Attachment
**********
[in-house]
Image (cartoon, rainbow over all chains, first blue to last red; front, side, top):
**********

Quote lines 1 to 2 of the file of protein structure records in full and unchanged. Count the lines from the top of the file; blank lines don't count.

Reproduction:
[in-house]
Image (cartoon, rainbow over all chains, first blue to last red; front, side, top):